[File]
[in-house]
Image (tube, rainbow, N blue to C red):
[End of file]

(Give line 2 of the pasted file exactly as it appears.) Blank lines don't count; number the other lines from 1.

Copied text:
Image (tube, rainbow, N blue to C red):